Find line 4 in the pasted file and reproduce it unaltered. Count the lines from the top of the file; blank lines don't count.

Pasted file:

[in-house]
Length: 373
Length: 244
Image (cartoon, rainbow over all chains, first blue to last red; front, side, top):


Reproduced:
Image (cartoon, rainbow over all chains, first blue to last red; front, side, top):